Tuesday, January 31, 2017

Hidden Gem to Mt. Washington

To start off the New Year, my trail blog will focus on New Hampshire's tallest peak, Mt. Washington (6288 ft.) and the Jewell Trail, described by many hikers as the "easiest" route to the summit, if gaining almost 3900 ft. in elevation over a 5 mile hike is to be considered easy.

Located to the northeast of the Upper Valley area, one approaches Mt. Washington from its western side on Rt. 302.  The Mt. Washington Hotel, situated 1/4 mile east of Base Rd., is well worth the short detour.  The Base Rd. leads to a parking area/trailhead (approx. 3 miles) for the Jewell and Ammonoosuc Ravine Trails, and continues on to the Cog Railroad Station and the several trains that summit Washington.

The Jewell Trail leaves the parking area by crossing the road and descends gently into the forest for about a mile to a small brook.  Crossing Clay Brook on a wooden footbridge, the trail almost immediately begins its long (3.7 mile), steady-but-moderate climb through the woods along an un-named ridge.  This ridge parallels the Cog Railway tracks on the opposing ridgeline across Burt Ravine.  At the 3 mile mark, the trees begin to shorten and thin to open rocks with elevation gain, allowing for fine views towards the summit and across the ravine to the railroad.  The Jewell Trail has a few switchbacks beneath the summit of Mt. Clay and eventually ends at the junction with the Gulfside Trail.  The route to Mt. Washington along the Gulfside Trail (1.4 miles) is a bit easier in grade, very open, and has stunning views.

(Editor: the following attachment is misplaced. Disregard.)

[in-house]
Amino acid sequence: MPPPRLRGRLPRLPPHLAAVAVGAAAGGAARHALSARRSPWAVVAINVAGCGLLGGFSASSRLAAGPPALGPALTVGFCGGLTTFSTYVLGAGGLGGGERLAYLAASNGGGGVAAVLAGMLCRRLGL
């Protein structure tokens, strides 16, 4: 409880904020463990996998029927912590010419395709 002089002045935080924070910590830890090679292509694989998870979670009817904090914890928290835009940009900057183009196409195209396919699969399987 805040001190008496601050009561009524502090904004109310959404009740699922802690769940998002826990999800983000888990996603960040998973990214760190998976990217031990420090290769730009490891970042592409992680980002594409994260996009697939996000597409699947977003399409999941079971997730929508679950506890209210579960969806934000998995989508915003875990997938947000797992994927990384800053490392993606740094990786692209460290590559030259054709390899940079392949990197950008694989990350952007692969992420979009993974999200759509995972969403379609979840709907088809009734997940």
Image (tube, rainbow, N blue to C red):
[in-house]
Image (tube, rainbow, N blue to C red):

It is the most direct route, but there are many boulders to manage as you cross the rail tracks and ascend the summit.

During my rest at the summit on a gorgeous 75 degree August day, there was a whole lot of action at about noontime.  Along with the many tourists and sightseers who either drove or took the train up, a police helicopter actually flew beneath me while the trains were making their way either up or down the mountain.  Not what I had expected to say the least!  After resting at the summit house and cafeteria (yes, a cafeteria) I worked my way back down along the same route and went to the edge of the Great Gulf (hence the Gulfside Trail) to sit alone on a big rock and enjoy the quiet and the amazing view.

As always when hiking to the open, rocky summits of our largest east coast mountains, please be prepared for the worst kind of weather (unusually cold temps, high winds, rain storms etc.) and bring plenty of food and water as one shouldn't count on the summit cafe′ for a good meal.

Written by Brian Markee

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